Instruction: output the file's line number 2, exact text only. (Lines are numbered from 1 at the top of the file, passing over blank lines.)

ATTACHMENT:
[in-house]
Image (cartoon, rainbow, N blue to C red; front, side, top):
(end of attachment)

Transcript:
Image (cartoon, rainbow, N blue to C red; front, side, top):